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person to the very end. She died with quality and dignity. The
nurses said, “You can come to know a lot about a person when they're
terminally ill.” All the nurses would say how extraordinary she was.
This was important for her, by the way. It was very important for
her to maintain a certain kind of control, and not let even pain
interfere. She was sensitive to the needs of other people up to the
Dr. You mentioned that she told your son and your daughter what
kind of memorial service she wished, and you carried that out. Could
you tell us a little bit about the memorial service?
I'll tell you about the funeral first. She didn't want a
funeral in church; she just wanted a few friends to go to the
cemetery. She named who she wanted at the cemetary. She wanted a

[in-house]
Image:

simple service at the cemetery rather than any kind of elaborate
thing in church. And she wanted a memorial service subsequent to the
burial. She stated those who she wanted to talk. She was very
specific as to each person. My son spoke for the family. Mr.
[James] Jim Dumpson, who is on our board at Northside, spoke for
Northside. David Barry, who died within six months after Mamie's
death, spoke for her work in the [New York] City Mission Society, and
on related social services. [Richard] Dick Cooper, who was formerly
president of the New York Public Library, on the board of which he
served for quite a while, spoke from that perspective of her role as
a board member and beyond. We all felt that it met Mamie's desire.
It was at Riverside Church. That was the only thing that was
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